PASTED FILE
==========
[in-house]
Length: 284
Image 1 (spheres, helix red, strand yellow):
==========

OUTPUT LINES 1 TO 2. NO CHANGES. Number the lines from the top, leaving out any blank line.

[in-house]
Length: 284